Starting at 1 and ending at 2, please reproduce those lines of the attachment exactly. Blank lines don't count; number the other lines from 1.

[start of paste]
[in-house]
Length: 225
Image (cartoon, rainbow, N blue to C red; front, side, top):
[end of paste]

[in-house]
Length: 225